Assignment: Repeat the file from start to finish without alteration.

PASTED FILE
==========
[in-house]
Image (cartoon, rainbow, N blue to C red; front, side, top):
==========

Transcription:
[in-house]
Image (cartoon, rainbow, N blue to C red; front, side, top):